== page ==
Netshield South Africa provides local availability of 40GB QSFP’s

Netshield South Africa provides local availability of 40GB QSFP’s

Inus Dreckmeyr, Netshield South Africa CEO.

Netshield South Africa, a WestconGroup company, is pleased to announce the immediate availability of its new range of 40GB QSFP (Quad Small Form-Factor Pluggable) compatible transceiver modules. The devices enable customers to take advantage of a host of super-high-speed/density and low-power 40 Gigabit Ethernet connectivity options, ideal for today’s growing data centres, distribution and high-performance networks.

The Netshield range of QSFP, SFP+ and SFP compatibles act as expansion modules connected to a switch, to add multi or single mode fibre capabilities to the switch itself as well as offers monitoring capabilities to the networking environment.

“Compatible transceiver modules are the ideal solution for customers looking to expand their networks, with a Netshield transceiver module you can expand/upgrade by adding additional fibre into your existing network without throwing out what you have – at enormous expense,” states Inus Dreckmeyr, CEO at Netshield South Africa.

“The benefit of the 40G QSFP range is that they are perfect for network providers who need to increase bandwidth and expand the size of their network without compromising speed and performance. Our range is also in excess of 60% more cost effective than many of our competitors and we have a solution for literally every known network vendor’s switches available on the market today.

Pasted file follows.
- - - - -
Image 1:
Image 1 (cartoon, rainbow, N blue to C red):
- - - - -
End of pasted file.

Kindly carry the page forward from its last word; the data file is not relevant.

The 40G QSFP’s also boasts active optical cables for short haul in data centre connectivity between two core switches. As a result of added features, you can leverage its monitoring capabilities to detect problems on the actual fibre without having to troubleshoot the entire network. As a result of its ability to multiplex with either active or passive high-speed interconnectivity cables utilising wave division multiplexing technology, users can benefit from the improved number of optical carrier signals onto a single optical fibre by using different wavelengths.

“Most SPFs are difficult to work with when trying to ensure that fibre is spliced in such a way as to ensure a high-quality fusion (of the cable). With the Netshield devices we have preconfigured spliced/connect transceiver module combination – ensuring that quality of data transmission is not compromised,” adds Dreckmeyr.

Locally, Netshield is still seen as a predominant provider of compatible transceiver module solutions to the market, today its range extends from 1, 10 and now 40G QSFPs with plans to expand the range even further.

Staff Writer

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